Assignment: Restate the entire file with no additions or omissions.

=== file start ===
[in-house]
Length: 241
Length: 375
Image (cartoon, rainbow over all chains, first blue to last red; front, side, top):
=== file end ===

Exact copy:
[in-house]
Length: 241
Length: 375
Image (cartoon, rainbow over all chains, first blue to last red; front, side, top):